The FTC’s focus on data security appears to be expanding, with the agency now investigating the processes by which private industry measures data security compliance. On March 7, 2016, the FTC ordered nine different companies who are “Qualified Independent Assessors” to provide detailed information about how they assess their clients’ compliance with the Payment Card Industry Data Security Standards (“PCI DSS”). The nine companies receiving orders range from large accounting firms such as PricewaterhouseCoopers, LLP, to security-focused companies such as Foresite MSP, LLC. They must respond to the Commission within 45 days (absent any extensions that the Commission might grant). The FTC did not state that the orders were issued in connection with any apparent breach or other specific problem, and the agency’s ultimate goal for this inquiry remains to be seen.

PCI DSS and the Orders

The Payment Card Industry Security Standards Council is a global open body formed to develop, enforce, disseminate and assist with the understanding of security standards for payment account security. The Council maintains, evolves and promotes the PCI DSS, which govern all merchants and organizations that store, process, or transmit cardholder data. For smaller merchants, PCI DSS requires annual self-assessments. PCI DSS requires external third-party audits conducted by a “Qualified Security Assessor” for those merchants that process more than 1 million card transactions in a given year, to ensure that payment card account and other sensitive personal information is being adequately protected and secured.

The “Qualified Security Assessor” (“QSA”) is a designation and certification that is granted by the Council. QSA’s are companies and independent security organizations that have been qualified by the Council. “QSA Employees” are individuals who are employed by a QSA company and have satisfied and continue to satisfy all QSA requirements. The Council, therefore, (a) sets the PCI DSS standards, (b) trains and certifies individuals and companies who desire to offer their services to merchants in order to audit against the PCI DSS standards, and (c) is responsible for maintaining the continuing certification of QSAs. According to the Council’s website (, there are approximately 150 QSAs currently certified to perform PCI DSS security assessments in the U.S. While only nine companies have received this FTC order, it is possible that other QSAs may receive similar orders.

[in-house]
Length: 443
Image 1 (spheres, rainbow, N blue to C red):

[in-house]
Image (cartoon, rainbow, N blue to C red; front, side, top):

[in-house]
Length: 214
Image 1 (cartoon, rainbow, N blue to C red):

Often in matters related to privacy and data security, the FTC has used its “unfair and deceptive” authority under Section 5 of the FTC Act. This allows the agency to initiate investigations and enforcement actions related, for instance, to companies’ failure to live up to promises that they employ certain standards for privacy and/or data security. The FTC’s model order in this instance is unusual because it was brought under its Section 6(b) authority, which the FTC uses more rarely and which allows the agency to obtain a wide variety of information not necessarily related to a potential enforcement action. The FTC does not have the authority to directly examine for or enforce compliance with PCI DSS, a framework established and maintained by industry participants.

The focus of the order and investigation is not on merchants, but rather on the QSAs that perform third party PCI DSS security assessments of merchants. Specifically, the FTC orders seek detailed information about the QSA’s PCI DSS compliance assessment processes including: the Council’s certification process for QSAs; how QSAs approach and pitch their merchant clients for PCI DSS audit services, including bidding, written proposals, and other sales information; and how QSAs staff, price, and conduct the merchant PCI DSS security assessments, including detailed questions about methodology and results. Each QSA subject to the FTC order must report on the percentage of merchants that have been found to be non-compliant with PCI DSS, and whether merchants can remediate any uncovered deficiencies before the assessment ends. The FTC orders also request information about the cost to conduct PCI DSS compliance assessments as a percentage of annual gross revenue of the QSAs themselves. And a particularly interesting item that must be produced with regard to certain areas of investigation is “all communications between the Company [QSA] and the client or any third party such as PCI SSC [the Council], a Payment Card Network, an Issuing Bank or an Acquiring Bank.”